gift of [the] gab (Forum ed.)

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gift of [the] gab (Forum ed.)

Post by rozana_oliveira » Wed Mar 12, 2008 9:10 pm

Please: I´m from Brazil and I am an English teacher. While checking the lyrics of America`s song "Tin Man", there´s a line that says "people share the gift of gab" - what does gift of gab mean? Can you help me? thanks
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Re: meaning of expression

Post by trolley » Wed Mar 12, 2008 9:22 pm

Roz, the "gift of gab" refers to the ability to communicate well by the spoken word. Oratory prowess. Sales people usually have the gift. I think the more important question is "what the heck does the rest of the song mean?"
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Re: meaning of expression

Post by Erik_Kowal » Wed Mar 12, 2008 10:18 pm

In British English, the usual form of the idiom is "the gift of the gab".
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Re: meaning of expression

Post by spiritus » Thu Mar 20, 2008 4:39 am

Erik,
This 'gab' of which you speak, could you tell me something of its origin?
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Re: gift of [the] gab (Forum ed.)

Post by Erik_Kowal » Thu Mar 20, 2008 6:32 am

The Online Etymology Dictionary gives this account:

c.1200, via Scottish and northern England dialect, from O.N. gabba "to mock," or O.Fr. gabber "mock, boast," both probably ultimately imitative. Gabby first attested 1719; gabfest "session of conversation" is 1897 Amer. Eng. slang. Gift of the gab "talent for speaking" is from 1681.
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Re: gift of [the] gab (Forum ed.)

Post by Ken Greenwald » Thu Mar 20, 2008 7:51 am

Hmm. I wonder if folks who have the GIFT OF GAB have a penchant for wearing GABERDINE.

GABERDINE noun:

1) A long, coarse cloak or frock worn especially by Jews during the Middle Ages. Also called gabardine.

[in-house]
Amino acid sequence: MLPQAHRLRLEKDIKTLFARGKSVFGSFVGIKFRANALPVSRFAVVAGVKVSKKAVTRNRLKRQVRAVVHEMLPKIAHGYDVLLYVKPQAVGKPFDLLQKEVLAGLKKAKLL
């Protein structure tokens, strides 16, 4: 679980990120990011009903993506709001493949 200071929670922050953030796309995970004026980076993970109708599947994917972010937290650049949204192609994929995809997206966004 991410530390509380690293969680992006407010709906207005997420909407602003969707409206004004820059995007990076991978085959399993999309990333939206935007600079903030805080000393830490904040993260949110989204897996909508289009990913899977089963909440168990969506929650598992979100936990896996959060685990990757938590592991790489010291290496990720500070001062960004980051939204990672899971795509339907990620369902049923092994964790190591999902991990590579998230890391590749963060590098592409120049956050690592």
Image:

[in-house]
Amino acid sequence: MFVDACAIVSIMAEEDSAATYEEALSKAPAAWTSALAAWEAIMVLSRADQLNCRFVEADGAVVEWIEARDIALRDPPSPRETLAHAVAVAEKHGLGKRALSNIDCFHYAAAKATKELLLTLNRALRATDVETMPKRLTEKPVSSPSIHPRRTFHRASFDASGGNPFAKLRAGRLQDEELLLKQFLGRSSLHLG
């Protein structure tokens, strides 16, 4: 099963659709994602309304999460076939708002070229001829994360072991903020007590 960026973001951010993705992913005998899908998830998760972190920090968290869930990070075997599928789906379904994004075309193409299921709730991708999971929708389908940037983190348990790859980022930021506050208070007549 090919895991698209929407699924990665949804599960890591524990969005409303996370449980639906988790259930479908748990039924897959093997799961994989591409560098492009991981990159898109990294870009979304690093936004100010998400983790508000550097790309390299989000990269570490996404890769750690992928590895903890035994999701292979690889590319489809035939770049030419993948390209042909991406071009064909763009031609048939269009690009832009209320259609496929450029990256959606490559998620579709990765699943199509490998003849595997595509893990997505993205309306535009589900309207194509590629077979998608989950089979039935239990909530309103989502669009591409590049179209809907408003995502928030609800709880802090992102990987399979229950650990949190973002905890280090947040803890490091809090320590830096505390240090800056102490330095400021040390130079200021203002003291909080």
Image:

2) Chiefly British. A loose smock worn by laborers.

3) A sturdy, tightly woven fabric of cotton, wool, or rayon twill. Also called gaberdine.

By golly, seems like their could be a relationship. But alas [1510–20; from Middle French gauvardine, gallevardine from Spanish gabardina, perhaps a conflation of gabán (Î Ar qab! men's overgarment) and tabardina, diminutive of tabardo, tabard]

And here I thought I was on to something. (>:)
____________________

Ken G – March 20, 2008
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Re: gift of [the] gab (Forum ed.)

Post by spiritus » Thu Mar 20, 2008 8:42 am

Ken Greenwald wrote:
And here I thought I was on to something. (>:)
____________________

Ken G – March 20, 2008
Well Ken, according to the song, Oz did not give the Tin Man what he did not already have. (:-)
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Re: gift of [the] gab (Forum ed.)

Post by spiritus » Thu Mar 20, 2008 8:43 am

Thank you Erik.
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Re: gift of [the] gab (Forum ed.)

Post by Wizard of Oz » Fri Mar 21, 2008 10:55 am

.. who said I greased the Tin Man?? ..

wOZ
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Re: gift of [the] gab (Forum ed.)

Post by Edwin F Ashworth » Sun Mar 23, 2008 1:00 am

British labourers probably don't mind being considered non-u.
Catherine and I passed a warehouse called the "Parts Center" today. Near the centre of Crewe.

Another memory this brings back is of a chat with a rail-fan I met years ago - he was really into the US rail-scene, having spent quite a few years over there. When I mentioned Mallet (I pronounced it "mallay" to rhyme with "ballet") engines, he wisely let drop that the US pronunciation has shifted from that of the Frenchman who invented the articulation system involved to "mallet" as in "for knocking in tent-pegs". He also corrected my "clerestory" (cler-es-torry") to "clear-storey".

I wonder if Roger Wagner ever conducted Richard Wagner.
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Re: gift of [the] gab (Forum ed.)

Post by dalehileman » Sun Mar 23, 2008 4:31 pm

In British English, the usual form of the idiom is "the gift of the gab".--Erik

Interesting, as in my 78 years as an erstwhile Leftpond writer I had never once heard the expr in that form
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Re: gift of [the] gab (Forum ed.)

Post by Tony Farg » Sun Mar 23, 2008 6:53 pm

He's not wrong, though I had always taken it to be an Irish expression...but perhaps that was racial stereotyping. Nonetheless, "gift of the gab" it is for me.
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Re: gift of [the] gab (Forum ed.)

Post by rozana_oliveira » Tue Mar 25, 2008 1:04 pm

I just wanted to thank you all for the answers - from the U.S, Wales and England!
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Re: gift of [the] gab (Forum ed.)

Post by rozana_oliveira » Tue Mar 25, 2008 1:05 pm

...and Canada! Thanks
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Re: gift of [the] gab (Forum ed.)

Post by Bobinwales » Tue Mar 25, 2008 1:45 pm

Surely gab comes from the same root, if not the word itself, as gabble.
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